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Steps I use to narrow down an OS update installation failure on Windows Vista and higher

Steps I use to narrow down an OS update installation failure on Windows Vista and higher

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A while back, I wrote a blog post describing a specific error that can occur when trying to install the .NET Framework 3.5 or 3.5 SP1 on Windows Vista and Windows Server 2008.  In that post, I talked at a high level about some of the steps I take to narrow down this type of error.  Those troubleshooting steps are useful in more scenarios than just the one in that blog post, and they are hard to find in a search currently because of the post that they're currently located in.  As a result, I decided to write a standalone post that describes the steps I follow when trying to narrow down an OS update installation failure on Windows Vista and Windows Server 2008.  I am going to write this post from the perspective of troubleshooting a .NET Framework 3.5 and 3.5 SP1 installation failure on Windows Vista, but the same techniques are typically valid for other OS update installation failures on Windows Vista and higher.

It is important to keep in mind that the .NET Framework 3.5 and 3.5 SP1 both install updates to the .NET Framework 2.0 and 3.0 behind the scenes.  On Windows Vista and higher, the .NET Framework 2.0 and 3.0 are installed as OS components, so that means that the updates to 2.0 and 3.0 are OS update packages.  This means that failures in the .NET Framework 3.5 and 3.5 SP1 setups on Windows Vista and higher can possibly be caused by problems with the OS update engine.

Find the error in the .NET Framework setup log file

If I am investigating an error installing the .NET Framework 3.5 or 3.5 SP1, I start by opening the log file named %temp%\dd_dotnetfx35install.txt and searching for the string ***errorlog event***.  If the problem is in an OS update, then the error in the log will indicate a failure installing the component named Microsoft .NET Framework 2.0SP1 (CBS) or Microsoft .NET Framework 3.0SP1 (CBS).

If one of these components is the cause of the failure, there will be lines in dd_dotnetfx35install.txt directly above the ***errorlog event*** that look like the following:

[03/03/09,11:11:11] Microsoft .NET Framework 3.0SP1 (CBS): C:\Windows\system32\WUSA.exe exited with return value 2148468760
[03/03/09,11:11:11] InstallReturnValue: GFN_MID NET Framework 3.0SP1 (CBS), 0x800f0818

The name of the component and the HRESULT value listed for the InstallReturnValue will vary depending on the root cause of the failure, but the process name will always be WUSA.exe - this is the Windows Update Standalone Installer that is used to install OS updates on Windows Vista and later.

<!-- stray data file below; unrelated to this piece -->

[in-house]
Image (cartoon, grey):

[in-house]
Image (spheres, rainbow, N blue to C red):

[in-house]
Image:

Find the error in the OS update installation engine log file (cbs.log)

One I have determined that the root cause of the failure is an OS update, I proceed to look at the log file at %windir%\logs\cbs\cbs.log.  This is the verbose log file for the OS update installation engine on Windows Vista and higher.  This log file is typically very large, and there are a couple of different ways I try to narrow down the error in this log:

  1. Search for the value listed in the InstallReturnValue entry from the dd_dotnetfx35install.txt log file in cbs.log.  For the above example, I would search for 0x800f0818.
  2. Search for the string generating failure report in cbs.log.

For the above example, text appears in cbs.log that looks like the following:

2009-03-03 11:11:11, Info                  CBS    WER: Generating failure report for package: Package_for_KB948610~31bf3856ad364e35~x86~~6.0.6001.2123, status: 0x800f0818, failure source: Execute, start state: 4, target state: 7

Determine the meaning of the error and possible workarounds

From here, the next step I take depends on what data appears in cbs.log.  Some of the information I look for is the following:

  1. Does the same error code occur for multiple different OS update packages?  If so, that typically means that there is a problem with the OS update engine itself as opposed to with the update that is failing.
  2. Does the error code appear in the System Update Readiness Tool knowledge base article?  If so, I typically try to use the tool available in that knowledge base article and/or the steps in this blog post.
  3. Does the error code appear in the table of common CBS error codes?  If so, I try the workaround suggested there for the error code that I found in cbs.log.
  4. If the error code does not appear in either of the above articles, then I try to use the err.exe tool to determine more detailed information about the cause of the error.

Sometimes, no error code information will appear in cbs.log.  In those cases, I also look for the error code in %windir%\WindowsUpdate.log.  There is a table of Windows Update Agent error codes that can be useful for error codes that appear in WindowsUpdate.log.

For additional information

While researching this blog post, I found a useful link on TechNet - http://technet.microsoft.com/library/cc732334.aspx.  This link contains more details about how to read and interpret the following log files:

  • %windir%\WindowsUpdate.log
  • %windir%\logs\cbs\cbs.log

It includes a table of common errors that can appear in a cbs.log along with possible resolutions or workarounds.

<update date="12/2/2009"> Added a link to a table of Windows Update Agent error codes that can appear in %windir%\WindowsUpdate.log and can be helpful in troubleshooting OS update installation issues in some cases. </update>


  • Hi Seth - This is the error that is causing the VC++ redistributable to fail to install on your computer:

    Error 1935.An error occurred during the installation of assembly 'Microsoft.VC90.ATL,version="9.0.30729.1",publicKeyToken="1fc8b3b9a1e18e3b",processorArchitecture="amd64",type="win32"'. Please refer to Help and Support for more information. HRESULT: 0x800736B3. assembly interface: IAssemblyCacheItem, function: Commit, component: {CE3230AC-E72E-3EDF-8A57-87FCE1CF2629}

    Error code 0x800736B3 means "The referenced assembly is not installed on your system."  For this type of error, I suggest trying the following steps: